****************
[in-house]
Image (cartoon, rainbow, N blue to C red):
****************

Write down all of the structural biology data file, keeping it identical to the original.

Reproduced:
[in-house]
Image (cartoon, rainbow, N blue to C red):